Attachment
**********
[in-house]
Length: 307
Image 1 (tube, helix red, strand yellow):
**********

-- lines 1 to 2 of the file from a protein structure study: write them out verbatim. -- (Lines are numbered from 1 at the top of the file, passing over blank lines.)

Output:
[in-house]
Length: 307